How dangerous is Ransomware?

Technology news sites are currently buzzing with the latest story of another Ransomware victim – A hospital in Hollywood.  While we at ETTE consider Ransomware in itself to be a despicable and disgraceful way of extorting money from businesses, an attack on a hospital is a whole new level of evil.  It actually forced staff members at the Hospital to use pen and paper to continue operations this week.

Surprisingly, the Hospital confirmed today that it has paid the ransom of $17,000 to the hacker responsible in order to obtain the decryption key.  That alone tells me that the Hospital was not prepared or equipped to deal with this kind of security breach.  It likely means that it had no backups in place to restore the network and was incredibly vulnerable this whole time.

What shocks me the most is how this could even happen to an institution which handles thousands of confidential patient data files.  Why didn’t IT security prevent the Ransomware getting into the network?  Why do end users have Administrator privileges on their computers, allowing them to install software?  Why did they not have daily backups? What are the risks that a hacker now has access to confidential medical files of patients and could theoretically blackmail patients to prevent making them public?

I’d be interested to know if the Hacker responsible for this attack is going to follow through with the decryption.  When it comes to paying ransoms, there is no guarantee that your money will get you the result you want.  And it’s not as if the Hacker is obliged or lawfully bound to keep his word and return the data to the Hospital.

In case you’re not familiar with Ransomware, here is how it works:  A user receives an email with an attachment (usually in the form of an executable file, with .exe extension) or downloads a file from the internet.  The user, unaware that you should never run an executable file unless you know exactly what it is and its purpose, opens the file and the Ransomware is installed on that machine.  The software then infects the network, making its way to the databases and begins encrypting the tables and contents – making the data unreadable to the network users.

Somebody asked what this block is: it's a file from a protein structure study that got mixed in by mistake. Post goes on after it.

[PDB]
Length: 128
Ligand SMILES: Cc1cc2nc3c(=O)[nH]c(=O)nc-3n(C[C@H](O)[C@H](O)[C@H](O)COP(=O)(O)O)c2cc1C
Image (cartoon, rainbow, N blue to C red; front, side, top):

Some time later, the programmer/hacker of the Ransomware contacts the infected organization and demands a sum of money in return for decryption of the files – Hence the term “Ransomware”.

Some people would argue that this hospital was simply unlucky and that it’s not their fault that this happened to them.  Others would argue that the newest viruses, malware and ransomware programs are not being detected by Anti-virus software because they are still new, therefore this was “just one of those things”.  After all, we seem to be updating our antivirus software on a weekly basis now to keep up with the newest threats.  But what many people don’t realize is that preventing a Ransomware attack is actually very simple and in the event that your network does become infected, there should be no need to resort quill and parchment to continue operating.

Firstly, it should be noted that in around 85% of cases where Ransomware has been detected on a network, an end user was responsible for the security breach.  It wasn’t a fault with the operating system, the network, the IT guy or the antivirus software.  It was a user being uneducated about the risks of opening files from unknown sources.